Rory McIlroy: Why Its a Few Years Too Soon for a Maiden Major at the Masters

Evan McGookinContributor IApril 4, 2011

AUGUSTA, GA - APRIL 09:  Rory McIllroy during the second round of the 2010 Masters Tournament at Augusta National Golf Club on April 9, 2010 in Augusta, Georgia.  (Photo by Streeter Lecka/Getty Images for Golf Week)
Streeter Lecka/Getty Images

He has firmly established himself on the European and PGA Tours with a tournament win on each. The former Amateur world No. 1 features in the top 10 of the Official World Golf Rankings and has represented Europe in the Ryder Cup. It would take a brave man to claim Rory McIlroy doesn't have a bright future in the sport.

McIlroy exploded onto the scene of World Golf at the tender age of 17, finishing T42 (and Low Amateur) at the 2007 Open Championship. Since then, wins at the Dubai Desert Classic in 2009 and the Quail Hollow Championship in 2010 have seen his stock rise even further, culminating in a career high ranking of seventh in the World.

McIlroy's record in Major Championships isn't exactly in bad shape either, with T3 finishes in The Open Championship and the PGA Championship. Many see it as only a matter of time until he wins his maiden Major, and what better place to do so that Augusta?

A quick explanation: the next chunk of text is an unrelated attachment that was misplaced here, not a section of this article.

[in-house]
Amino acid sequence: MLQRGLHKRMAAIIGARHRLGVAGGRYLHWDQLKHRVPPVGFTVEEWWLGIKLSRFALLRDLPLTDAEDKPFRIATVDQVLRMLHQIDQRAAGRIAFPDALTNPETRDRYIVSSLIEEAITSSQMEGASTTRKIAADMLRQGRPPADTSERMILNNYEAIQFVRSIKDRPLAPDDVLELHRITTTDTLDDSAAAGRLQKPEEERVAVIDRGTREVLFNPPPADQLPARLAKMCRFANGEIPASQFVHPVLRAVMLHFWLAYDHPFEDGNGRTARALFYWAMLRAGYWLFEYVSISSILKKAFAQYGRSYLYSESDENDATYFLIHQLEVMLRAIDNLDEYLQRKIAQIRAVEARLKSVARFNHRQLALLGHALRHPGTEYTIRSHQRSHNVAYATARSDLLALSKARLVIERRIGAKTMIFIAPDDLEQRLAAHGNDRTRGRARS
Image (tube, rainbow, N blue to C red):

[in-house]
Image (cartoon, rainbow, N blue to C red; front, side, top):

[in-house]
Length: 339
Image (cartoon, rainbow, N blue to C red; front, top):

It's always helpful to analyse past performance on the course when a Major comes around, and this won't make pleasant reading. McIlroy has failed to make the cut twice in two attempts. Also McIlroy is, if anything, a streaky golfer. He is perfectly capable of the brilliant one week, then can disappear off the radar completely.  

Furthermore, McIlroy seems to have serious problems closing out a tournament. While this is no doubt related to his age and inexperience, it still doesn't bode well for a title challenge in what is second only to the Ryder Cup when it comes to pressure, coverage and prestige.

McIlroy's win at the Dubai Desert Classic in 2009 is a prime example of his inability to close out tournaments with ease. From leading by four shots on the 15th tee, three straight bogeys left him requiring a par on 18. He got his par and his first professional win, but he didn't make it easy for himself.

Even his impressive win at Quail Hollow can't particularly prove his nerve, his course record 62 came from so far back in the field that there wasn't really any pressure for him to buckle under. Nobody expected McIlroy to win, perhaps that's when he performs best.

Due to this, McIlroy is still in with a decent shot. Certainly a lot of people will put their money behind him and if he manages to be roughly in contention come Championship Sunday, then who's to say he couldn't make an astounding charge to the title? 


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